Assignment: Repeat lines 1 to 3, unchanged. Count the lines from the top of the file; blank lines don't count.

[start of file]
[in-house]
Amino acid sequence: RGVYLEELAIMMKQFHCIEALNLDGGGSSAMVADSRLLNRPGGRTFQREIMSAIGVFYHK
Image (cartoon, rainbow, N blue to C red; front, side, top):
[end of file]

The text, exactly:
[in-house]
Amino acid sequence: RGVYLEELAIMMKQFHCIEALNLDGGGSSAMVADSRLLNRPGGRTFQREIMSAIGVFYHK
Image (cartoon, rainbow, N blue to C red; front, side, top):